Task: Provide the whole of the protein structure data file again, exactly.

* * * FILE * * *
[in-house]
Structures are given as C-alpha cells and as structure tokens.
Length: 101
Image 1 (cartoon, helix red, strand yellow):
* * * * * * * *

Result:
[in-house]
Structures are given as C-alpha cells and as structure tokens.
Length: 101
Image 1 (cartoon, helix red, strand yellow):